Sale and Capture
Treatment of Slaves: Punishment
Abolitionist Theodore Dwight Weld and his wife and coauthor Angelina Grimké included in their book American Slavery As It Is these words from a resident of Hamilton County, Ohio. William Poe told Weld of the atrocities against slaves he had observed when he had been a slaveholder himself living in Richmond and in Lynchburg, Virginia.
[p. 26] Mr. Poe is a native of Richmond, Virginia, and was formerly a slaveholder. He was for several years a merchant in Richmond, and subsequently in Lynchburg, Virginia. A few years since, he emancipated his slaves, and removed to Hamilton County, Ohio, near Cincinnati; where he is a highly respected ruling elder in the Presbyterian church. He says,--
"I am pained exceedingly, and nothing but my duty to God, to the oppressors, and to the poor down-trodden slaves, who go mourning all their days, could move me to say a word. I will state to you a few cases of the abuse of the slaves, but time would fail, if I had language to tell how many and great are the inflictions of slavery, even in its mildest form.
Benjamin James Harris, a wealthy tobacconist of Richmond, Virginia, whipped a slave girl fifteen years old to death. While he was whipping her, his wife heated a smoothing iron, put it on her body in various places, and burned her severely. The verdict of the coroner's inquest was, "Died of excessive whipping." He was tried in Richmond, and acquitted. I attended the trial.
Some years after, this same Harris whipped another slave to death. The man had not done so much work as was required of him. After a number of protracted and violent scourgings, with short intervals between, the slave died under the lash. Harris was tried, and again acquitted, because none but blacks saw it done.
The same man afterwards whipped another slave severely, for not doing work to please him. After repeated and severe floggings in quick succession, for the same cause, the slave, in despair of pleasing him, cut off his own hand. Harris soon after became a bankrupt, went to New Orleans to recruit his finances, failed, removed to Kentucky, became a maniac, and died.
A captain in the United States' Navy, who married a daughter of the collector of the port of Richmond, and resided there, became offended with his negro boy, took him into the meat house, put him upon a stool, crossed his hands before him, tied a rope to them, threw it over a joist in the building, drew the boy up so that he could just stand on the stool with his toes, and kept him in that position, flogging him severely at intervals, until the boy became so exhausted that he reeled off the stool, and swung by his hands until he died. The master was tried and acquitted.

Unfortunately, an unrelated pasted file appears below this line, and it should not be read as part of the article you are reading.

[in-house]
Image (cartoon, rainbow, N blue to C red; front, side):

In Goochland County, Virginia, an overseer tied a slave to a tree, flogged him again and again with great severity, then piled brush around him, set it on fire, and burned him to death. The overseer was tried and imprisoned. The whole transaction may be found on the records of the court.
In traveling, one day, from Petersburg to Richmond, Virginia, I heard cries of distress at a distance, on the road. I rode up, and found two white men, beating a slave. One of them had hold of a rope, which was passed under the bottom of a fence; the other end was fastened around the neck of the slave, who was thrown flat on the ground, on his face, with his back bared. The other was beating him furiously with a large hickory.
A slaveholder in Henrico County, Virginia, [p. 27] had a slave who used frequently to work for my father. One morning he came into the field with his back completely cut up, and mangled from his head to his heels. The man was so stiff and sore he could scarcely walk.
This same person got offended with another of his slaves, knocked him down, and struck out one of his eyes with a maul. The eyes of several of his slaves were injured by similar violence.
In Richmond, Virginia, a company occupied as a dwelling a large warehouse. They got angry with a negro lad, one of their slaves, took him into the cellar, tied his hands with a rope, bored a hole through the floor, and passed the rope up through it. Some of the family drew up the boy, while others whipped. This they continued until the boy died. The warehouse was owned by a Mr. Whitlock, on the site of one formerly owned by a Mr. Philpot.
Joseph Chilton, a resident of Campbell County, Virginia, purchased a quart of tanners' oil, for the purpose, as he said, of putting it on one of his negro's heads, that he had sometime previous pitched or tarred over, for running away.
In the town of Lynchburg, Virginia, there was a negro man put in prison, charged with having pillaged some packages of goods, which he, as head man of a boat, received at Richmond, to be delivered at Lynchburg. The goods belonged to A. B. Nichols, of Liberty, Bedford County, Virginia. He came to Lynchburg, and desired the jailor to permit him to whip the negro, to make him confess, as there was no proof against him. Mr. Williams, (I think that is his name,) a pious Methodist man, a great stickler for law and good order, professedly a great friend to the black man, delivered the negro into the hands of Nichols. Nichols told me that he took the slave, tied his wrists together, then drew his arms down so far below his knees as to permit a staff to pass above the arms under the knees, thereby placing the slave in a situation that he could not move hand or foot. He then commenced his bloody work, and continued, at intervals, until 500 blows were inflicted. I received this statement from Nichols himself, who was, by the way, a son of the land of "steady habits," where there are many like him, if we may judge from their writings, sayings, and doings."
From Theodore Dwight Weld, American Slavery As It Is: Testimony of a Thousand Witnesses (New York: American Antislavery Society, 1839), 26-27.